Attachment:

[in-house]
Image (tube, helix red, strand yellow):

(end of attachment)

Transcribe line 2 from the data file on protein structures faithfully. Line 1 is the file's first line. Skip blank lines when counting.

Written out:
Image (tube, helix red, strand yellow):